For news, HTML5 and RSS may triumph over tablet apps, for both form and economic reasons, says Jason Pontin, editor in chief of Technology Review.

It wasn’t simple, it turned out, to adapt print publications to apps. A large part of the problem was the ratio of the tablets: they possessed both a “portrait” (vertical) and “landscape” (horizontal) view, depending on how the user held the device. Then, too, the screens of smart phones were much smaller than those of tablets. Absurdly, many publishers ended up producing six different versions of their editorial product: a print publication, a conventional digital replica for Web browsers and proprietary software, a digital replica for landscape viewing on tablets, something that was not quite a digital replica for portrait viewing on tablets, a kind of hack for smart phones, and ordinary HTML pages for their websites. Software development of apps was much harder than publishers had anticipated, because they had hired Web developers who knew technologies like HTML, CSS, and JavaScript. Publishers were astonished to learn that iPad apps were real, if small, applications, mostly written in a language called Objective C, which no one in their WebDev departments knew. Publishers reacted by outsourcing app development, which was expensive, time-consuming, and unbudgeted.

But the real problem with apps was more profound. When people read news and features on electronic media, they expect stories to possess the linky-ness of the Web, but stories in apps didn’t really link. The apps were, in the jargon of information technology, “walled gardens,” and although sometimes beautiful, they were small, stifling gardens. For readers, none of that beauty overcame the weirdness and frustration of reading digital media closed off from other digital media.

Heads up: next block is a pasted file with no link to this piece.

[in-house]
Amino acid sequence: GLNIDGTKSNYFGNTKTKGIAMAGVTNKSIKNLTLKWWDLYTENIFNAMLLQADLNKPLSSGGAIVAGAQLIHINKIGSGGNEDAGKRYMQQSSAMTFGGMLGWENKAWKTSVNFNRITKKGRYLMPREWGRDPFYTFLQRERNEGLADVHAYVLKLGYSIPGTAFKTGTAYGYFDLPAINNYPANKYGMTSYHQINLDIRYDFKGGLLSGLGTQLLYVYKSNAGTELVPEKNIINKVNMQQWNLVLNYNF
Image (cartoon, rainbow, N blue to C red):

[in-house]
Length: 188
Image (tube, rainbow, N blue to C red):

A recent Nielsen study reported that while 33 percent of tablet and smart-phone users had downloaded news apps in the previous 30 days, just 19 percent of users had paid for any of them. The paid, expensively developed publishers’ app, with its extravagantly produced digital replica, is dead.  [...]

Here, the recent history of the Financial Times is instructive. Last June, the company pulled its iPad and iPhone app from iTunes and launched a new version of its website written in HTML5, which can optimize the site for the device a reader is using and provide many features and functions that are applike. For a few months, the FT continued to support the app, but on May 1 the paper chose to kill it altogether.

And Technology Review? We sold 353 subscriptions through the iPad. We never discovered how to avoid the necessity of designing both landscape and portrait versions of the magazine for the app. We wasted $124,000 on outsourced software development. We fought amongst ourselves, and people left the company. There was untold expense of spirit. I hated every moment of our experiment with apps, because it tried to impose something closed, old, and printlike on something open, new, and digital.

Last fall, we moved all the editorial in our apps, including the magazine, into a simple RSS feed in a river of news. We dumped the digital replica. Now we’re redesigning Technologyreview.com, which we made entirely free for use, and we’ll follow the Financial Times in using HTML5, so that a reader will see Web pages optimized for any device, whether a desktop or laptop computer, a tablet, or a smart phone. Then we’ll kill our apps, too.

Why Publishers Don’t Like Apps | Jason Pontin | May 7, 2012 | Technology Review at http://www.technologyreview.com/business/40319/.
Why Publishers Don't Like Apps - Technology Review

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